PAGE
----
If you’re going to go out, go out with a bang.
James Kidney joined the SEC in 1986, and when he held his retirement party last month, he had a lot to say about what the agency didn’t do while he was there, according to Bloomberg.
He said that after the financial crisis, SEC lawyers were too “fearful” of Wall Street to bring charges against bankers, and that they were more concerned about lucrative gigs after their time at the agency.
The SEC has become “an agency that polices the broken windows on the street level and rarely goes to the penthouse floors…On the rare occasions when enforcement does go to the penthouse, good manners are paramount. Tough enforcement, risky enforcement, is subject to extensive negotiation and weakening.”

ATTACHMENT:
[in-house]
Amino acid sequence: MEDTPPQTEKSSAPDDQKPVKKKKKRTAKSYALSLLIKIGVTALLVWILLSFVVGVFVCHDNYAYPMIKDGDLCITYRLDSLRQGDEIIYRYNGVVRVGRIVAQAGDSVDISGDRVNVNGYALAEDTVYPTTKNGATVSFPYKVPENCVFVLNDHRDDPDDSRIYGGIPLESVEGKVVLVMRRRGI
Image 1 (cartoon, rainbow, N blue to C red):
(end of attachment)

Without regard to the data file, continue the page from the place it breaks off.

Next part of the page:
“I have had bosses, and bosses of my bosses, whose names we all know, who made little secret that they were here to punch their ticket,” Kidney said. “They mouthed serious regard for the mission of the commission, but their actions were tentative and fearful in many instances.”
Kidney was working on the SEC’s case against Goldman Sachs after the mortgage crisis, and pushed for charges against Goldman Sachs execs. That only got him demoted on the case.
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